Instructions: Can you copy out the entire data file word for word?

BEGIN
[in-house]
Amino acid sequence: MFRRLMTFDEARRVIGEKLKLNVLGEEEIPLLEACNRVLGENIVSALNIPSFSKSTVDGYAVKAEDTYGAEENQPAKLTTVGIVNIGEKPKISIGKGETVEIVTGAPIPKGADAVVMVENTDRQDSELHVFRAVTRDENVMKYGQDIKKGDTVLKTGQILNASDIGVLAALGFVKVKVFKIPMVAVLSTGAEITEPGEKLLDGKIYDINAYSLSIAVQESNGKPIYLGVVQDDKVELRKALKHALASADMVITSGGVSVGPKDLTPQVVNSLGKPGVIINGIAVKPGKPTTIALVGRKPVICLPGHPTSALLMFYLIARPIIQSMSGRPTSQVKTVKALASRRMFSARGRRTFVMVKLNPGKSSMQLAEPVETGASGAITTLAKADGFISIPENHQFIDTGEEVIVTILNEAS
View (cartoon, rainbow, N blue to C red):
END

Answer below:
[in-house]
Amino acid sequence: MFRRLMTFDEARRVIGEKLKLNVLGEEEIPLLEACNRVLGENIVSALNIPSFSKSTVDGYAVKAEDTYGAEENQPAKLTTVGIVNIGEKPKISIGKGETVEIVTGAPIPKGADAVVMVENTDRQDSELHVFRAVTRDENVMKYGQDIKKGDTVLKTGQILNASDIGVLAALGFVKVKVFKIPMVAVLSTGAEITEPGEKLLDGKIYDINAYSLSIAVQESNGKPIYLGVVQDDKVELRKALKHALASADMVITSGGVSVGPKDLTPQVVNSLGKPGVIINGIAVKPGKPTTIALVGRKPVICLPGHPTSALLMFYLIARPIIQSMSGRPTSQVKTVKALASRRMFSARGRRTFVMVKLNPGKSSMQLAEPVETGASGAITTLAKADGFISIPENHQFIDTGEEVIVTILNEAS
View (cartoon, rainbow, N blue to C red):